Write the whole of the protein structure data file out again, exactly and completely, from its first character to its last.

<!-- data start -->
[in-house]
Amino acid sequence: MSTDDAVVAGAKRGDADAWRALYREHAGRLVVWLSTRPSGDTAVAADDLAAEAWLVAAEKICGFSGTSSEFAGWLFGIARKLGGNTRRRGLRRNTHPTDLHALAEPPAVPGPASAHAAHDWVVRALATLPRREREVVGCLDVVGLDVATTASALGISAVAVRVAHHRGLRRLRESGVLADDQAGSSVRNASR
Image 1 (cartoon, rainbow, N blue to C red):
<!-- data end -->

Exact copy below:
[in-house]
Amino acid sequence: MSTDDAVVAGAKRGDADAWRALYREHAGRLVVWLSTRPSGDTAVAADDLAAEAWLVAAEKICGFSGTSSEFAGWLFGIARKLGGNTRRRGLRRNTHPTDLHALAEPPAVPGPASAHAAHDWVVRALATLPRREREVVGCLDVVGLDVATTASALGISAVAVRVAHHRGLRRLRESGVLADDQAGSSVRNASR
Image 1 (cartoon, rainbow, N blue to C red):